The Season Tribe is a relatively new and exciting tribe that has been growing in popularity recently. One of the things that makes them different from other groups is the fact that they only migrate in certain seasons, namely the Summer, Winter, and Fall. This way, they are able to enjoy the natural beauty of their environment during each season, as well as the diverse plants and animals that inhabit these areas. The winter season tribe is only one of two major tribes that make their home in the desert. The other is the Sandhi-Tribes which also has a reservation near Ooty, India.
Just like other seasonal inhabitants, Season Tribe residents have to deal with a number of problems and challenges that they face every year. These challenges tend to be unique among people and vary by location. The following is a brief summary of some of these issues.
The most common problem encountered by the community at large is the influx of new people who are neither local nor resident. These people tend to settle at a place far away from their own community. When this happens, there is an increase in crime rates and conflicts over resources. As a result, there are conflicts between the newcomers and the locals. When the newcomers move to close to the communities, they change the local economy, goods, services, and customs. This causes the local businesses to either fail completely or to suffer badly.
Another challenge faced by the migrants is the lack of available land for their daily activities. When they migrate to South India and Kerala, they face the inability to access their own tribal settlements. This is because most of the tribals have been displaced from their original locations due to the changing political and social conditions in their home areas. Therefore, when they migrate to other places such as Assam, they find themselves in places where there is no agriculture, no forests, and no fishing.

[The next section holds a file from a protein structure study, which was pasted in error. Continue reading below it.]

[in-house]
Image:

There is also a lack of educational institutions in many of the remote regions. Many children who are left behind by the season tribe will end up at a boarding school. They are usually sent by the elders who are unable to attend school themselves. Once these kids complete their primary education, they do not return to their community to be taught by their parents. Instead they are taken away by foster families, which provide them with basic education. Those who do return are not usually able to continue with formal education, since many of them have poor aptitude for learning.
The elders of these tribes can not afford to send their youngsters to high schools. They have to choose either to migrate into the cities or to remain at the settlements where they live. Some of them are even unable to continue with the education given by the government schools.
The main problem faced by the communities of these migratory tribes is the lack of jobs. They depend on the seasonal crops provided by their harvest homes. If the crop is not enough or if the harvest has come in, the community cannot support them and their children will have to migrate either to a town where they get to work or to the next tribe whose community is able to support them. This has forced some of them to take refuge in the United States.
There are organizations working to help them get back to their tribal communities. One of them is SOS-North Carolina, an organization working for North Carolina tribes. The tribe leaders have to pay a visit to the schools where the children are staying to see if the children have completed school or not. Those who have finished high school are encouraged to return to school so that they may get better jobs in the towns where they live. Those who have not even finished high school are helped by tribal consultants to help them complete their secondary education.